A guy walks into a bar and approaches a woman who is alone, looking bored. He asks, "Are you having fun?" and the woman responds that she is.
"You should let your face know," the guy says.
"It's so ridiculously horrible," laughs Adam Lyons, describing the most awesomely bad pickup line he has heard men try.
To Lyons, who last year was named "America's No. 1 Pickup Artist" at the Pickup Artist World Summit, pickup lines have no place in a true seducer's repertoire. They bomb when they're recognized as such, and they're easier to smell than ever, thanks to secrets divulged in Neil Strauss' book, "The Game," and the VH1 reality show "The Pickup Artist."
Even once-interesting openers ("Who lies more, men or women?") have gone the way of "Come here often?" and "What's your sign?" Still, there is an art to approaching the object of your affection, he said. It involves not so much a line as an opening sequence.
The easiest approach, Lyons said, is typically a question such as "Is there anywhere good to eat around here?" You can open with a compliment or observation on something you both are experiencing, such as a crowded bus. The trick is to turn that interaction into a conversation, a transition most easily accomplished by making an observation about the pickup-ee ("That's a really interesting accent; where are you from?"), followed by questions that convey kindness and genuine interest. (Some people call this "regular social skills.") Attitude is crucial: Smile, make eye contact, speak slowly, Lyons said. Ultimately, you want to project confidence.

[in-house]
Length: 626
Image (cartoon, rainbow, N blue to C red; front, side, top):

"You should be happy and playful, a little sexual and fun," said Justin Marks, co-host of "The Pickup Artist."
Asked their favorite opener, Lyons and Marks said: "Hello, my name is ..." It may represent an anti-gimmick, anti-pickup line era.
And it's about time the fellas wised up.